"must be generic, i.e. not represent specific syntax of a product/environment",
   instrument: is#logic_and_timing_model; 

Analysis - Generating and Selecting Design Strategies (Week 9)

 subtype: is#generating_project_design_strategies  is#selecting_project_design_strategies,
 output: is#project_design_strategy;

   subtype: is#minimalist_design_strategy is#maximalist_design_strategy
   definition: "high level statement about our approach to developing a system",
   annotation: "deals primarily with: scope and functionality, method of acquisition, and
                implementation environment";

   definition: "identifying strategy alternatives is needed to investigate what is 'best'
                for the organisation, what can it manage at this time, what does it
                want to do in the future, ..."
                "identifying strategy alternatives is needed to avoid re-design efforts
                 later, misunderstanding about the goal of the project, ...",
   requirement: "must consider: system features, information needs, functionality, 
                 modes of output, timeliness, development constraints, timeframe,
                 organisational commitment, resources, business environment issues";
   annotation: "focus on a small number of feasible alternatives (because we need to 
                analyse and describe these in detail)"
               "the 3 most common alternatives will represent (at least in terms of
                scope and functionality, and usually environment):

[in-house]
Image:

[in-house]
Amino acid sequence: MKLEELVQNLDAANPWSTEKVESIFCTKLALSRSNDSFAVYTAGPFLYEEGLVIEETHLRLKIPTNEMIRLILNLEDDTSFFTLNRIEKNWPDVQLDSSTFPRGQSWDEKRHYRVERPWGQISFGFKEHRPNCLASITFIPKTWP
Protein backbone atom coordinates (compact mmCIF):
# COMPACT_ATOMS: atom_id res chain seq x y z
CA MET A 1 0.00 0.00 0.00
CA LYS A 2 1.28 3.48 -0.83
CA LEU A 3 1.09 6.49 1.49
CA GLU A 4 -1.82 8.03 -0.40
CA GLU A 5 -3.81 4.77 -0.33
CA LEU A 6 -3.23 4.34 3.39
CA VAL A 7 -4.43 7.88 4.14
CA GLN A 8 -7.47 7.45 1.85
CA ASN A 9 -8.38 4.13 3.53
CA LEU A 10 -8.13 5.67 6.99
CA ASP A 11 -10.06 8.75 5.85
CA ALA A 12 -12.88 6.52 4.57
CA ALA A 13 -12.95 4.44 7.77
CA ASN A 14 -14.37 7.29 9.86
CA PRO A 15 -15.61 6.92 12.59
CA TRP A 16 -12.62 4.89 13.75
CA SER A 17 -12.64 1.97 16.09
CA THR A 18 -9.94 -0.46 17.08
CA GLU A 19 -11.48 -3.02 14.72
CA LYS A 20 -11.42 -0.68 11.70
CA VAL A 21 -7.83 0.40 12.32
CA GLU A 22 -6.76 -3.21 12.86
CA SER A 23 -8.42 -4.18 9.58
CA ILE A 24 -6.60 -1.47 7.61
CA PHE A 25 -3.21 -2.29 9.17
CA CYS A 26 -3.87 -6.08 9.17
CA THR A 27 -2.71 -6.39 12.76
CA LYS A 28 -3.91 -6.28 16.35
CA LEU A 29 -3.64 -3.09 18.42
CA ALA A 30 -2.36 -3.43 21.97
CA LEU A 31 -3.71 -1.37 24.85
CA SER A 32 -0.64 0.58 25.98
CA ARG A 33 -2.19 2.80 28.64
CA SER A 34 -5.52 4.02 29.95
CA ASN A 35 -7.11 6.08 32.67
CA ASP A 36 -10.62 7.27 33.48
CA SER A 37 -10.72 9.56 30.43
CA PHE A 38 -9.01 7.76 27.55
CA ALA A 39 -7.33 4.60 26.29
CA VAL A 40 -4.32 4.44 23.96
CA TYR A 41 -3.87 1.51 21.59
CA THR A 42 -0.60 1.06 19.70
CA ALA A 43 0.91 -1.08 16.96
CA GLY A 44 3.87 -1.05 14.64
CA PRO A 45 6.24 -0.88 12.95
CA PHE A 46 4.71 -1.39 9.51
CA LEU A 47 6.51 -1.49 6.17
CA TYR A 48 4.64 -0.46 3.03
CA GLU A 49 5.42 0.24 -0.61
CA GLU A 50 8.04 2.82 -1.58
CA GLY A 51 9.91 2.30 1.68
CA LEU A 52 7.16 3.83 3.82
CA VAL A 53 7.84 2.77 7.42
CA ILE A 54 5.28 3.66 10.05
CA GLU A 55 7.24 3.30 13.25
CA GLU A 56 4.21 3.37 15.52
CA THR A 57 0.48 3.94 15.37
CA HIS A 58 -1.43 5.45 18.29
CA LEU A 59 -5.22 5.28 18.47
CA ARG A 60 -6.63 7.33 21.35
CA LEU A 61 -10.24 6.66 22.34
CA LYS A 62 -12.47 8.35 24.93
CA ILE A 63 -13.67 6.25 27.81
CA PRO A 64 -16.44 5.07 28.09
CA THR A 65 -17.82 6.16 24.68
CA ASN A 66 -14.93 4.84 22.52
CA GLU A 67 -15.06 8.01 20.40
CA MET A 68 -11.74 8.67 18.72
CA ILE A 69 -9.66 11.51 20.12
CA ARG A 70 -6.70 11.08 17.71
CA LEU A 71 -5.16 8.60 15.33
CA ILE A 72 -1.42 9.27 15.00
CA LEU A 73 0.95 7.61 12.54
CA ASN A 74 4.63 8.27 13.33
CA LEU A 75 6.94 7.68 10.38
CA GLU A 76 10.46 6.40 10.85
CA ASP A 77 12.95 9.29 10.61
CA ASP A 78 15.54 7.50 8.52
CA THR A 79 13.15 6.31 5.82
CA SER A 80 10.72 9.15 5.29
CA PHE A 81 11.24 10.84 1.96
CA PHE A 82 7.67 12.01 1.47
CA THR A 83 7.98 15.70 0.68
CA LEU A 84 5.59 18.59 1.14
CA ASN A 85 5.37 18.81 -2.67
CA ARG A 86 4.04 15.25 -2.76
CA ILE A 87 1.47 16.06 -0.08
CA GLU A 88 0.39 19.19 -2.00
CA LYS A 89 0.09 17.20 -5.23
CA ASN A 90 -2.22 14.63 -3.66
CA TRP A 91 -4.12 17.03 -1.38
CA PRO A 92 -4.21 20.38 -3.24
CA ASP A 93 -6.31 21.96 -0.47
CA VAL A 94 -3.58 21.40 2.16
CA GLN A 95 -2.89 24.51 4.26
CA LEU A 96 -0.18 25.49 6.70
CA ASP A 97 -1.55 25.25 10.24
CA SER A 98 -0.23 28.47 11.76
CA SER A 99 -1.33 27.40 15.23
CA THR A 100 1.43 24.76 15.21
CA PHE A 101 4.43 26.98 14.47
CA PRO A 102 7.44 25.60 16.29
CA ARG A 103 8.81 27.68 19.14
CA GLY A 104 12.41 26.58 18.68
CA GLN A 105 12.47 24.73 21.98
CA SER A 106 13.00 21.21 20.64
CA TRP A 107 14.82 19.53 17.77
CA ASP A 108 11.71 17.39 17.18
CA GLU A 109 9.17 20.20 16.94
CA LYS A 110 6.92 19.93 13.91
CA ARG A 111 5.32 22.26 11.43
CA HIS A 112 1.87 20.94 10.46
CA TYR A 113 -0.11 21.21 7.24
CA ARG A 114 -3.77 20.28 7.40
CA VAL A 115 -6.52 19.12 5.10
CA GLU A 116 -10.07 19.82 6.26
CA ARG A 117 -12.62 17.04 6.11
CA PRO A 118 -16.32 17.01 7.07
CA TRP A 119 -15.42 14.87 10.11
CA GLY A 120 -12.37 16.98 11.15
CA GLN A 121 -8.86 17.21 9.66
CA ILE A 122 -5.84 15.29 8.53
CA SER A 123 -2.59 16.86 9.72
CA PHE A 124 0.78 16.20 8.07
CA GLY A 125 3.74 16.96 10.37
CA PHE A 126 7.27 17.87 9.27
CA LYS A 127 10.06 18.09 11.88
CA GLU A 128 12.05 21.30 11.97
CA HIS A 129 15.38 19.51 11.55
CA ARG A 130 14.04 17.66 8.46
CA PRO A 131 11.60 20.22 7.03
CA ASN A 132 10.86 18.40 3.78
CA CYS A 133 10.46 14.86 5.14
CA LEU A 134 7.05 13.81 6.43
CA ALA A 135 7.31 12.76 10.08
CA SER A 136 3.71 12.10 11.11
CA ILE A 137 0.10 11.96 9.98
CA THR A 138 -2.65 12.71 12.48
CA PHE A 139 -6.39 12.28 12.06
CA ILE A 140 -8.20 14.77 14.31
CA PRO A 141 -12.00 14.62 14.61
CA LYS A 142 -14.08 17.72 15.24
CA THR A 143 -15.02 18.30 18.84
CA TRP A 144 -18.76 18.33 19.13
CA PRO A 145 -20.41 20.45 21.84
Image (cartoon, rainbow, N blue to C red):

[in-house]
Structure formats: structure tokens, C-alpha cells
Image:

1) minimum, 2) maximum, 3) realistic compromise",
   subtype: is#selecting_the_best_project_design_strategy;

     requirement: "any alternative selected to be the best must: (i) adequately address at 
                   least the minimum requirements, (ii) be technically and financially
                   feasible with attractive total cost of ownership, (iii) meet the 
                   organisation's timeframe requirements",
     method: is#cost/benefit_analysis  is#weighted_assessment_criteria_method
     agent: "the organisation/business with advice from PM, Analysts and/or IT Management",
     successor: is#updating_the_baseline_project_plan;

       object: is#baseline_project_plan;

Logical Design (Week 10)

 successor: is#project_analysis  is#project_physical_design,
 successor of: is#project_physical_design,
 part: is#designing_forms_reports_and_interfaces  is#logical_database_design,
 annotation: "what is this system going to do: system functionality, process support, ...?"
             "describing a solution without regard to physical implementation issues,
              limits and constraints (business level representation of how requirements
              will be met with a solution)",
 rationale: "those who build it probably won't have been involved in designing it (and
             those who maintain it will be different again, and those who design and
             build its replacement will be different again)",
 output: "justification or explanation"
         "a narrative overview (essentially the who, what, when, where, why, how etc)"
         "design itself (sample?)"  "information testing and assessment";

   requirement: "based on user and task requirements"
               "needs to address: who, what, when, where, why, how etc"
               "feedback on design from users (prototype?)",
   object: is#form_created_by_project_design  #report  #user_interface,
   guideline: is#report/interface_general_formatting_guideline;

     annotation: "the data elements of the form or report relate to components of